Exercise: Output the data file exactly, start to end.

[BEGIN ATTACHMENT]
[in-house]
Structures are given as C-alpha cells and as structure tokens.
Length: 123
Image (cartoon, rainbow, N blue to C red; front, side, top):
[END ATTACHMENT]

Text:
[in-house]
Structures are given as C-alpha cells and as structure tokens.
Length: 123
Image (cartoon, rainbow, N blue to C red; front, side, top):